The comparison:
  • Against four or fewer rushers: 7.1-yard average throw distance, 6.6 yards per attempt, no plays of 20 yards or more, no touchdowns, one interception.
  • Against five or more rushers: 14.7-yard average throw distance, 10.2 yards per attempt, three plays of 20 yards or more, two touchdowns, no interceptions.

On the other side of the ledger, Blaine Gabbert played far worse against populated coverage after halftime.

He saw extra pressure on just eight snaps in the game.

When he saw four or fewer pass-rushers, here is how he fared:
  • First half -- 8-of-14, 8.1 yards per attempt, no TDs, no interceptions, five first downs.
  • Second half -- 5-of-12, 1.4 yards per attempt, no TDs, two interceptions (both returned for TDs), no first downs.

He was hardly the only member of the Jaguars who let down after intermission, but he’s got to do better than that.

RTC: Texans' Antonio Smith is angry

September, 10, 2012
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Reading the coverage…

Grades for every team from Will Brinson of Eye on Football.

Houston Texans

Gary Kubiak has plenty of reasons for concern after the Texans spent seven minutes looking like a superpower and 53 minutes looking like Canada, says Randy Harvey of the Houston Chronicle.

J.J. Watt led the charge against rookie quarterback Ryan Tannehill, says Tania Ganguli of the Chronicle.

“Man, we didn’t even play that good and won by 20 points,” receiver Andre Johnson said. “It’s crazy.” Jerome Solomon of the Chronicle has more on the Texans not gambling because it wasn’t necessary.

Texans defensive lineman Antonio Smith said Miami guard Richie Incognito was “a dirty player being let to play dirty.” Strong words. “Everything that’s illegal that can be done on the football field he does it, but mainly he was hitting people after the play, sliding down on your leg grabbing your ankle and trying to twist to break your ankle and he was doing it right in front of the referees and he was still in the game.” Nick Matthews of the Chronicle shares the story.

Converting some of Jonathan Joseph’s base salary to bonus created the cap room the Texans needed to fit the extension for Matt Schaub, says John McClain of the Chron.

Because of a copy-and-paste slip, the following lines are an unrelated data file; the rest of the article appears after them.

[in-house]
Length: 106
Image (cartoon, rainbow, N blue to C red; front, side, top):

Solomon loves the extension for Schaub. “But by not making some sort of commitment, the Texans risked having one of their most important players thinking the team doesn’t believe in him. I don’t care how professional one is, a perceived lack of love can drive one crazy.”

Owner Bob McNair liked what he saw, Tim Jamison also got an extension and other notes from Dale Robertson of the Chron.

Indianapolis Colts

Someday we’ll look back on this and it will all seem funny, says Bob Kravitz of the Indianapolis Star, quoting Bruce Springsteen. Andrew Luck is a fan of the Boss, so it’s appropriate following a tough start against the Bears. “This, though, is going to be a process -- at times, a slow, painful process. For the Colts and for Luck, and for Colts fans who need to maintain a sober sense of perspective about this undertaking. Patience isn't just a virtue, it's a necessity.”

Given their youth and inexperience, the Colts have virtually no margin for error, says Mike Chappell of the Star.

The Colts’ revamped defense actually got off to a good start before crashing, says Phillip B. Wilson.

Reggie Wayne provided major security for Luck, says Wilson.

The Colts weren’t the same after Dwight Freeney hobbled off with an ankle injury, says Wilson.

Luck didn’t have a bad game, says Gregg Doyel of CBS Sports, he has a bad team. “But he's not good enough to turn this collection of chicken crap into chicken salad, so the Colts will not be appearing in the playoffs or even winning half their games. Not with those receivers, that running game, that offensive line. (To say nothing of the defense. Yeesh.)”